C. RONALD HUFF AND MARTIN KILLIAS
The subject of wrongful conviction attracted some attention in the United States beginning in the 1930s, but most of the earlier literature focused primarily on discussions of individual cases (see, for example, Borchard, 1932; Gardner, 1952; Frank and Frank, 1957; Ehrmann, 1962; Radin, 1964). Some literature has dealt extensively with the most high-visibility cases, such as the Dreyfus affair in the nineteenth century (Chapman, 1955; Tuchman, 1962; Bredin, 1986); the infamous case of the “Scottsboro boys” in the 1920s (Carter, 1969); the Lindbergh baby kidnapping and murder in the 1930s (Kennedy, 1985); and more recent cases such as that of Randall Dale Adams, whose wrongful conviction, imprisonment, and near execution in Texas led to both his own book (Adams, 1991) and Errol Morris's prize-winning documentary, The Thin Blue Line (1988). Some cases have captured the attention of the general public, including some of those already mentioned as well as the Sam Sheppard case, which led to a long-running television series and a very successful movie by the same name (The Fugitive); the “Birmingham Six” case, which inspired extensive analyses and the film In the Name of the Father; the controversy surrounding John Demjanjuk, accused of being the notorious “Ivan the Terrible,” a Nazi death camp guard who helped in the mass murder of Jews; and the wrongful conviction of Michael and Lindy Chamberlain for the death of their daughter in Australia, which attracted international attention and inspired the movie A Cry in the Dark.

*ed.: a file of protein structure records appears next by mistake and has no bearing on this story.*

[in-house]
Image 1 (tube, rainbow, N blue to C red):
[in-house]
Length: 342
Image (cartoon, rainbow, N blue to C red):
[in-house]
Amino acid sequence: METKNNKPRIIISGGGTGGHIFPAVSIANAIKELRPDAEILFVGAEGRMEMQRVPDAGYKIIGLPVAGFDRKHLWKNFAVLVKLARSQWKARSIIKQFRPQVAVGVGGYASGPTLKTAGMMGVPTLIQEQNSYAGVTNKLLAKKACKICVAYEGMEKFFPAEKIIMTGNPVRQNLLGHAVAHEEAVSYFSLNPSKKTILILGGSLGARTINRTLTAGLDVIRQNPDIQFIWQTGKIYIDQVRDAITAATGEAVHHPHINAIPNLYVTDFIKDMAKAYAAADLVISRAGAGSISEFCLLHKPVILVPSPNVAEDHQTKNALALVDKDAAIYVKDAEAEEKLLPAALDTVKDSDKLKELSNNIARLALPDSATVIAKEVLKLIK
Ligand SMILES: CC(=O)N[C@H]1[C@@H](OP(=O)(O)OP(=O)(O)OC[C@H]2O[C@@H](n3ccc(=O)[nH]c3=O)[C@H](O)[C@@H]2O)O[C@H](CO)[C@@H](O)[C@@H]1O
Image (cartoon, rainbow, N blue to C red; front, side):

Both scholarly attention and public attention to this issue have been greatly accelerated by the exonerations of hundreds of wrongfully convicted